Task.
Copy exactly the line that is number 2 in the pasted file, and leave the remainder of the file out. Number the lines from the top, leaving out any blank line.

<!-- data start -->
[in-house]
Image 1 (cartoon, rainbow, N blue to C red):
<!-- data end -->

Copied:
Image 1 (cartoon, rainbow, N blue to C red):